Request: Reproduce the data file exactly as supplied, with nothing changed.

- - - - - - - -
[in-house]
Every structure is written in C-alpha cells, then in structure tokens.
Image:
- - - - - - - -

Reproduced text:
[in-house]
Every structure is written in C-alpha cells, then in structure tokens.
Image: